The State of Social Media with Ted Rubin

On today’s episode of The Barron Report, we are in the studio with Ted Rubin, social media strategist, speaker, and author of several books, including “The Age of Influence: Selling to the Digitally Connected Consumer” to talk social media marketing strategy in the ever-changing digital landscape.

00:44 - Social media is facing challenges as consumer trust is waning. Issues with how users’ information is protected and shared with advertisers and in Facebook’s case specifically how users were targeted during the 2016 presidential election. Many attribute the decline in Facebook users to these events but could it be that there are simply more platforms vying for the consumer’s attention?

Facebook’s declining numbers are “...pretty similar to traditional media, to television, there are more places to go,” said Rubin.

11:26 - The proliferation of OTT, YouTube, and other digital media platforms is shifting the way today’s consumers watch content and this matters to how you are advertising and engaging your customers. In the case of the Gen-Z population, we are seeing the migration away from traditional media outlets in droves. “USA Today” reported that in the 3rd quarter of 2018, 1.16 million consumers dropped their cable service while the use of YouTube, Snapchat, and Instagram continued to grow.

25:14 - “In 2019, companies must in one way or another figure out how to empower their front-line employees and their customers to create content to keep up with the amount of content they need…” said Rubin.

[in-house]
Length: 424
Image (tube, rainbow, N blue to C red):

With such a vast distribution network and niche audiences spreading across these distribution networks, the need for more content has never been more apparent.

Check out more episodes of The Barron Report, where we explore all things innovation in the restaurant, hospitality, and business sector.


Is It Time for Your Brand to Leave Facebook?

Is It Time for Your Brand to Leave Facebook?
  • Industry Expert, Donald Burns, provides you with ways to start building a bigger social media presence off of Facebook.

  • For brands that rely on Facebook, branching out may be in your best interest.

It cannot be denied that Facebook changed the social network scene, but even giants can be brought down.

The controversy over the Cambridge Analytica drama involving Facebook has raised questions about data and your privacy. In the wake of the congressional hearings that Mark Zuckerberg testified in, many people jumped off of Facebook as a symbol to stand up for privacy. The #DeleteFacebook movement, like many others out there, is big news and it has gained some momentum.

Will Facebook disappear?

Not yet and not because of Cambridge Analytica. Social media is here to stay. That is certain.

The ability to connect with people around the world is paramount to the human race, as we are social creatures. How we connect and engage are the questions to think about. With that said, there are some revelations you need to consider...

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Facebook's Political Rule Uses Keywords to Block Ads for Bush's Beans

Facebook's Political Rule Uses Keywords to Block Ads for Bush's Beans

Facebook has come under fire lately for many reasons: privacy issues, political responsibility, and the dissemination of “fake news.”

In an effort to offset some of these issues, the social media platform launched a new initiative to increase transparency around who is paying to promote political ideas, according to Bloomberg. Under the new rule, advertisers are required to verify their identities through a time-consuming process or risk their ad being tagged and blocked for pushing a political narrative without attribution.

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Peapod and FarmLogix: Exploring the Future of Food Tech

Peapod and FarmLogix: Exploring the Future of Food Tech